Jacob M. Appel, Einstein’s Beach House, Stories
Publisher: Pressgang
2014, 179 pages, paperback, $15.95

Create a story about characters with a compelling yet unfulfilled want and you will build a tale of tension; craft a narrative that connects to a universal desire and you will construct a powerhouse of need that compels a reader. The stories in Einstein’s Beach House range from quirky and whimsical to bone-hollowingly eerie. Appel has written a collection bound by the common negotiation between absurdity and need. His characters inhabit worlds that are intriguing in their difference but compelling in their universality.

The opening story, “Hue and Cry,” explores forgiveness. Upon the canvas of a community thrown into uproar when a sex-offender moves onto the block, thirteen-year-old Lizzie navigates the limits of security and parental protection. In “La Tristesse Des Hérissons,” a couple negotiates the compromises of their relationship through escalating absurdity:

 We’d been living together for eight months when we adopted the hedgehog. I’d wanted a German shepherd or a Doberman pinscher—a fearless, intimidating animal that could accompany me jogging in the park late at night, Adeline wanted a baby.

“Strings” and “Limerence” both examine the vestiges of past relationships, while the title story, “Einstein’s Beach House” depicts the fallibility of both memory and parents.

But she didn’t yield. ‘So you were wrong and I was right. That doesn’t change anything.’ Mama said. She stood arms akimbo at the cusp of the interstate, flushed in the sweltering heat, while her sweat-stained husband crouched beside her on the steaming black asphalt. And this was the moment when an eleven-year-old schoolgirl named Natalie Scragg first recognized the painful difference that would forever separate her from her mother: given a choice, Natalie preferred having a house, while her mother preferred having a fight.”

Appel’s style is spare, quiet. He lets his characters and their surroundings set the tone for his quiet, driven pieces that do not require linguistic acrobatics, but are instead confident in their universal chords. “Sharing the Hostage” is comfortable in its simplicity. Stylistic fireworks would be disingenuous at this stage, showcasing the baggage in a dying relationship through the joint-custody of a couple’s box turtle.

Each story in this collection has it’s own power, but “The Rod of Asclepius” stands out and inhabits another level of craft. It is at once piquant, creepy, and heart breaking. If this collection is a meditation on the limits of relationships, the antepenultimate story pushes this question to the boundaries of humanity. A young girl’s construction of her widower father’s identity and intention informs both her future, and the reader’s grasp of the humane. Appel’s style is at its best here; his subtle navigation of character and withholding come together to deliver with a punch. The elegant style needs no more adornment than the firepower in its grenade-launcher of a closing line.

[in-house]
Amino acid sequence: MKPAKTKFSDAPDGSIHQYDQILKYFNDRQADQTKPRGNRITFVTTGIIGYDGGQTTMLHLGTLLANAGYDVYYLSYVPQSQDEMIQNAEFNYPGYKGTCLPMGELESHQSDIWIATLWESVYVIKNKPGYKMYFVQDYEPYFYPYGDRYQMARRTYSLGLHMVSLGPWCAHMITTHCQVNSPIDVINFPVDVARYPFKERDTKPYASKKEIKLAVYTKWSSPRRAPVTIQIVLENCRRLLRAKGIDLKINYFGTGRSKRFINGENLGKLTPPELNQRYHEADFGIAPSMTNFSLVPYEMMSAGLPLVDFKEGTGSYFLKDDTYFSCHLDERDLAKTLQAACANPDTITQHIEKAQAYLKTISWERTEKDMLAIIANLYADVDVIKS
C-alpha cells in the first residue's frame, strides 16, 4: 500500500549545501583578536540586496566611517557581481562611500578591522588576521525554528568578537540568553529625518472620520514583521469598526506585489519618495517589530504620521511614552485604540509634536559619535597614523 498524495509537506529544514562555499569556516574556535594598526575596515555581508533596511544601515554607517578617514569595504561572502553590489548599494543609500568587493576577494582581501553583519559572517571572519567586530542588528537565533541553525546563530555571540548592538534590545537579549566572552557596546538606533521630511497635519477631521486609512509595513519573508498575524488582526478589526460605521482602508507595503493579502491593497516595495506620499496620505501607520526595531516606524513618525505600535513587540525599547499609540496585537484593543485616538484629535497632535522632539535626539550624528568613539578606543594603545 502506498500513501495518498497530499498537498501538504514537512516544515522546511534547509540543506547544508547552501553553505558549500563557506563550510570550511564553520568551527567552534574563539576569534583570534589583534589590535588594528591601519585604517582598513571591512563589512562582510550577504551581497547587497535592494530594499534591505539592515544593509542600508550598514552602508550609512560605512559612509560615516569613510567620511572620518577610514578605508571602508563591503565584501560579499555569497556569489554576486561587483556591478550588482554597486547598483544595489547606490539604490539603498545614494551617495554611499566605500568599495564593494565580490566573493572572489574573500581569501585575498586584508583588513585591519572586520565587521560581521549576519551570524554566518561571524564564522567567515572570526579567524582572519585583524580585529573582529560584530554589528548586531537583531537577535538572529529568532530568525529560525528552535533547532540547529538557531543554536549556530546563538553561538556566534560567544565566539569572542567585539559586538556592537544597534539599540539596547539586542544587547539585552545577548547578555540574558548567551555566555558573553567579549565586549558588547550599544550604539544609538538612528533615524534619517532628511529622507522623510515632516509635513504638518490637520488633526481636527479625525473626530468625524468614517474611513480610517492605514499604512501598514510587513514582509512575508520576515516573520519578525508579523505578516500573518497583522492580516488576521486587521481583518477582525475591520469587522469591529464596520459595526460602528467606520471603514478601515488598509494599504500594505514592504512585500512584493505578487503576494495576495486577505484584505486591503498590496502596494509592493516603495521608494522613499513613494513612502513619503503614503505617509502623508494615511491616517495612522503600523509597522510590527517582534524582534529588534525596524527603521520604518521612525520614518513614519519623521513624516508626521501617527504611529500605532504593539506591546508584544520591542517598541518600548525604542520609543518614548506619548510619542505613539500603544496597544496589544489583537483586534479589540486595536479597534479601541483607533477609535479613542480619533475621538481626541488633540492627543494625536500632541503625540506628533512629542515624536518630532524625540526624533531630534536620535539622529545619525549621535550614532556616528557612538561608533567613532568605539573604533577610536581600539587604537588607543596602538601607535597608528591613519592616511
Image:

Appel writes with a clear style that evokes the elements of each character’s world. Gentle with the application of details, his subtle world building still lets you know that “Hue and Cry,” “Limerence,” “Einstein’s Beach House,” and “The Rod of Asclepius” inhabit a vintage space of brown velveteen couches and earth-tone carpets. “La Tristesse Des Hérissons,” “Strings,” and “Sharing the Hostage” are modern New York City, with its mix of art, conflict, and whimsy. The final tale, “Paracosmos,” settles comfortably into suburbia. This mundane location showcases the revelations of parents required to question their reality, along with that of their daughter, and her (possibly) imaginary friend. Appel lets setting do the heavy lifting right alongside his characters, allowing the stories of this collection to operate on multiple planes. You won’t get lost in Appel’s stories; every detail directs you along a crafted path.

If Appel has a flaw, it is his occasional explanation of meaning after he achingly shows the reader what he intends. Perhaps it is a lack of trust, a questioning of faith, but the moments Appel envisions and shares are well worth his occasional tendency to expound. The skillfully crafted final moment of The “Rod of Asclepius” compels a reader to perceive the weighted, summative endings of both “Hue and Cry” and “Einstein’s Beach House” with fondness rather than disdain.

Appel lopes jauntily down the tightrope of tragedy and humor. He has a clear vision of the juxtaposition of humanity against the absurd. The success of these stories lies within the relationships they depict–the ties between people, their desires, and the way in which they advocate for their needs. There is a point when humanity becomes more ridiculous than the absurd, and beyond that, there is a moment when humanity and the absurd merge to become, simply human. This is the space in which Appel writes, the moment when the absurd seems reasonable: to pay for therapy for a depressed hedgehog, to support your lover’s joint custody agreement for a box-turtle, and to recognize the indelible gifts and wounds a parent gives to a child. Appel shows a mastery of his craft because he is able to illustrate these moments while never losing sight of the moment where absurdity will, once again, reign.


– Michaela Hansen